Rapper Bun B lends his street cred and occasionally his face to the creative, hilarious, and just flat-out fun imaginings of Shea Serrano in Bun B's Rap Coloring and Activity Book. Described by the Washington Post as "what every hip-hop head wishes they had as a child," this imaginative work started as a series of printable rap-related coloring and activity images. The 48-page, fully interactive book of coloring pages, unbelievably clever activities, and smart plays on rap culture brings these stars and their music right into your living room.Featured rappers include:
LL COOL J
It has been more than thirty-five years since the first commercial recordings of hip-hop music were made. This Companion, written by renowned scholars and industry professionals reflects the passion and scholarly activity occurring in the new generation of hip-hop studies. It covers a diverse range of case studies from Nerdcore hip-hop to instrumental hip-hop to the role of rappers in the Obama campaign and from countries including Senegal, Japan, Germany, Cuba, and the UK. Chapters provide an overview of the 'four elements' of hip-hop - MCing, DJing, break dancing (or breakin'), and graffiti - in addition to key topics such as religion, theatre, film, gender, and politics. Intended for students, scholars, and the most serious of 'hip-hop heads', this collection incorporates methods in studying hip-hop flow, as well as the music analysis of hip-hop and methods from linguistics, political science, gender and film studies to provide exciting new perspectives on this rapidly developing field.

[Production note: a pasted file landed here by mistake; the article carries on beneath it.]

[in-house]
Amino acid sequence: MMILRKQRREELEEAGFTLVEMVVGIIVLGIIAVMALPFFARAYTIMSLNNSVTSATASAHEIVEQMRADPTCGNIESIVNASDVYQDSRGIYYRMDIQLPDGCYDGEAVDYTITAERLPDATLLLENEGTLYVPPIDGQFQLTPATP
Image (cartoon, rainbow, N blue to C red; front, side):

'Can't Stop Won't Stop' traces the origins of hip-hop to the post-civil rights Bronx and Jamaica, drawing on interviews with performers, activists, gang members, DJs, and others to document how the movement has influenced politics and culture.
Can't Stop Won't Stop is a powerful cultural and social history of the end of the American century, and a provocative look into the new world that the hip-hop generation created.Forged in the fires of the Bronx and Kingston, Jamaica, hip-hop became the Esperanto of youth rebellion and a generation-defining movement. In a post-civil rights era defined by deindustrialization and globalization, hip-hop crystallized a multiracial, polycultural generation's worldview, and transformed American politics and culture. But that epic story has never been told with this kind of breadth, insight, and style. Based on original interviews with DJs, b-boys, rappers, graffiti writers, activists, and gang members, with unforgettable portraits of many of hip-hop's forebears, founders, and mavericks, including DJ Kool Herc, Afrika Bambaataa, Chuck D, and Ice Cube, Can't Stop Won't Stop chronicles the events, the ideas, the music, and the art that marked the hip-hop generation's rise from the ashes of the 60's into the new millennium.
"Each of these chambers contains wonders of history, destiny, and mythology. Chamber Music is hip hop as race and class politics, as music and as poetry on the move. Through Ashon's vibrant textured prose we watch in awe as these young men seize on whatever the culture has to offer, sampling leftovers and legacies, making themselves into ferocious artists" --Margo Jefferson, award-winning author of Negroland"Stylistically loaded, reckless, funny, naked, thorough, thoughtful, mysterious, devastating, unrelenting, and compassionate. One of the most rewarding pieces of hip hop criticism ever written."--Jeff Chang, author of We Gon' Be All Right: Notes on Race and Resegregation and Can't Stop Won't Stop: A History of the Hip-Hop Generation Will Ashon tells, in 36 interlinked "chambers", the story of Enter the Wu-Tang (36 Chambers) and how it changed the world. As unexpected and complex as the album itself, Chamber Music ranges from provocative essays to semi-comic skits, from deep scholarly analysis to satirical celebration, seeking to contextualize, reveal and honor this singular work of art. Chamber Music is an explosive and revelatory new way of writing about music and culture.